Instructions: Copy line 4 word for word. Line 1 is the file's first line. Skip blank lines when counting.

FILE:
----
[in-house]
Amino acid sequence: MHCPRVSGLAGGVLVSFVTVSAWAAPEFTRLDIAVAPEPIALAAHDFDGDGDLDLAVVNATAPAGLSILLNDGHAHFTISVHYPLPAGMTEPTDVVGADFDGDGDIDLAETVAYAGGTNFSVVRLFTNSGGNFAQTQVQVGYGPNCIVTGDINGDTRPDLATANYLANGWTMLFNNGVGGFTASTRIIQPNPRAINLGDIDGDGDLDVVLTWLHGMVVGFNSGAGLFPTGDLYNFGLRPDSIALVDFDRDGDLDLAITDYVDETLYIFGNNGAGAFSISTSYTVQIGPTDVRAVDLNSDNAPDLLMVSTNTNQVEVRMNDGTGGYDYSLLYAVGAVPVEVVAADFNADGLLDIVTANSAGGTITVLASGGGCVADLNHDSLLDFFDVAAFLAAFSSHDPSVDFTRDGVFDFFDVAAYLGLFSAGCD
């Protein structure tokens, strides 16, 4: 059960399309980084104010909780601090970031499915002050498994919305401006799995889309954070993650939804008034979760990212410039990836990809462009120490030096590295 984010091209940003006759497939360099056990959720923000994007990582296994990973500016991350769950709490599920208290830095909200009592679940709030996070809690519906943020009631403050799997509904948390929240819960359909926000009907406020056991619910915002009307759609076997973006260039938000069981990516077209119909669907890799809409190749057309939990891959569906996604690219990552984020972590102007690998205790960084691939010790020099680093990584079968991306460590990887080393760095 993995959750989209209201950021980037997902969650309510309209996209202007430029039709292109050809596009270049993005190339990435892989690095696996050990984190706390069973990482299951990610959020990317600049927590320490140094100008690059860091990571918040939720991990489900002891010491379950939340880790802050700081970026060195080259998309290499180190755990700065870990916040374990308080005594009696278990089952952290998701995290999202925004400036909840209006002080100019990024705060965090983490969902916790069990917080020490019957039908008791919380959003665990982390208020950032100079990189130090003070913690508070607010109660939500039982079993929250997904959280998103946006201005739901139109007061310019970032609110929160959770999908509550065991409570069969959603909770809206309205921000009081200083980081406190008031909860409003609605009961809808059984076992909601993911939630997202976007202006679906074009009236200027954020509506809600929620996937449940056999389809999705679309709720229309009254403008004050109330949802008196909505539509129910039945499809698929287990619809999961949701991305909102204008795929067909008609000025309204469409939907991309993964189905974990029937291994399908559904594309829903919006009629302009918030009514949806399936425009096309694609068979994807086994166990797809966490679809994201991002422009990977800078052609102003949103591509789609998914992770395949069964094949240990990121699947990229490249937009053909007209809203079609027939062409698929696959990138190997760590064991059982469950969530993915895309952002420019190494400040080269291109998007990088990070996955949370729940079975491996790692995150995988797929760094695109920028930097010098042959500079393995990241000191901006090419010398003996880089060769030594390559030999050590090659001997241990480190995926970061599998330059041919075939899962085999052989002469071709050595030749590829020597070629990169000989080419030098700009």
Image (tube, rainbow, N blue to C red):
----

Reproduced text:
Image (tube, rainbow, N blue to C red):